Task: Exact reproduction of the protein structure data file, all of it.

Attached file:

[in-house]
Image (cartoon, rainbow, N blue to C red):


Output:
[in-house]
Image (cartoon, rainbow, N blue to C red):